We wish to state upfront that we are not golf fans.
But every now and then, there are moments in the realm of sports that transcend what is achieved on the playing field, ice, links, or court.
For example, the 1980 gold medal victory by the U.S. hockey team (captained by Winthrop’s own Mike Eruzione), the 1967 Impossible Dream Boston Red Sox, Lou Gehrig’s iconic speech at Yankee Stadium, and just about everything that Muhammad Ali accomplished readily comes to mind.
Such was the case this past weekend when Tiger Woods won the Masters golf tournament. After more than a decade of personal, physical (four back surgeries), and professional setbacks — admittedly some self-inflicted — Tiger’s incredible, come-from-behind triumph spoke more about the human spirit than it did about golf. His victory was the ultimate redemption of a man who has achieved the greatest heights, but who had fallen to rock bottom.
When Tiger was embraced by his children and his mom after the last hole, we recalled a similar moment when he won his first Masters 22 years ago, with his late dad being present, when Tiger was a 21-year-old kid who destroyed the field by 12 strokes, still the record for margin of victory at the Masters.
But the close-ups of Tiger’s face this weekend throughout the tournament revealed the visage of a middle-aged man, older and wiser, but no longer innocent — and when he took off his cap at the end, his bald spots revealed that Tiger is not a kid anymore.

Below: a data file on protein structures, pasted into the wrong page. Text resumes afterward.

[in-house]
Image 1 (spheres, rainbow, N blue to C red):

Tiger always has been a humble person and, despite his wealth and fame, has managed to put it all into perspective because of his modest upbringing and the adversity he faced because of his mixed race.
He did so once again in his post-victory interview. When he was asked how special it was for his mom to be there, he acknowledged that was true, but he quickly pointed out that he would not be where he is today without his mother, “because she was the one who packed me and my equipment into our Plymouth Duster and drove me for hours so I could play in tournaments when I was a youngster.” Those words truly touched us — and we know we join not only with the sporting world, but with people of all backgrounds, in congratulating Tiger Woods on his greatest triumph — which was about a lot more than winning a golf tournament.